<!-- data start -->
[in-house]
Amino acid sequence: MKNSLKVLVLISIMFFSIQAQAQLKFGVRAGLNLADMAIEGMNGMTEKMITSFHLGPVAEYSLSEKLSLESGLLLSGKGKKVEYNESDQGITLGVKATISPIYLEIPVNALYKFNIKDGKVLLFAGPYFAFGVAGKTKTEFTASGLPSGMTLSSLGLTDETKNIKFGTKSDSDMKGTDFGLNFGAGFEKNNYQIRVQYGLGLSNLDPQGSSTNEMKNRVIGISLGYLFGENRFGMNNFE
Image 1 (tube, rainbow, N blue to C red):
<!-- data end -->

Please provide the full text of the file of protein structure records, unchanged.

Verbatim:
[in-house]
Amino acid sequence: MKNSLKVLVLISIMFFSIQAQAQLKFGVRAGLNLADMAIEGMNGMTEKMITSFHLGPVAEYSLSEKLSLESGLLLSGKGKKVEYNESDQGITLGVKATISPIYLEIPVNALYKFNIKDGKVLLFAGPYFAFGVAGKTKTEFTASGLPSGMTLSSLGLTDETKNIKFGTKSDSDMKGTDFGLNFGAGFEKNNYQIRVQYGLGLSNLDPQGSSTNEMKNRVIGISLGYLFGENRFGMNNFE
Image 1 (tube, rainbow, N blue to C red):